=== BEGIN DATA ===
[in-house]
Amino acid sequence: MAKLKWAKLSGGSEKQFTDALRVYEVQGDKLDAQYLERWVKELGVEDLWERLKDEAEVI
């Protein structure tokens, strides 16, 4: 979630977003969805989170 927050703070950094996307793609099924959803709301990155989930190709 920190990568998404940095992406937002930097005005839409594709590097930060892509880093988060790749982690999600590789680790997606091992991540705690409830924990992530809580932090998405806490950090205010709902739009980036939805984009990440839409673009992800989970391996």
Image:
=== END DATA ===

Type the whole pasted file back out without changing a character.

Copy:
[in-house]
Amino acid sequence: MAKLKWAKLSGGSEKQFTDALRVYEVQGDKLDAQYLERWVKELGVEDLWERLKDEAEVI
């Protein structure tokens, strides 16, 4: 979630977003969805989170 927050703070950094996307793609099924959803709301990155989930190709 920190990568998404940095992406937002930097005005839409594709590097930060892509880093988060790749982690999600590789680790997606091992991540705690409830924990992530809580932090998405806490950090205010709902739009980036939805984009990440839409673009992800989970391996």
Image: